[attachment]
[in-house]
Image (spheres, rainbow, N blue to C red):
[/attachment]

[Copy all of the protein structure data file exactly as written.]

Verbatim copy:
[in-house]
Image (spheres, rainbow, N blue to C red):